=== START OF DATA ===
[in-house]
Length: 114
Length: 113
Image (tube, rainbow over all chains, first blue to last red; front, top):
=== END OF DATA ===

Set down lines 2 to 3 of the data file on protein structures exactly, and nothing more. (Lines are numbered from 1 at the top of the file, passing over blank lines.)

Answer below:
Length: 114
Length: 113